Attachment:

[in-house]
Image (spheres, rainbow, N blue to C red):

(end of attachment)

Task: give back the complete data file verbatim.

[in-house]
Image (spheres, rainbow, N blue to C red):